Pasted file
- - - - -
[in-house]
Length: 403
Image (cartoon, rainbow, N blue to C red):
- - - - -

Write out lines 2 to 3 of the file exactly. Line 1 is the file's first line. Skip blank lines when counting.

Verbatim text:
Length: 403
Image (cartoon, rainbow, N blue to C red):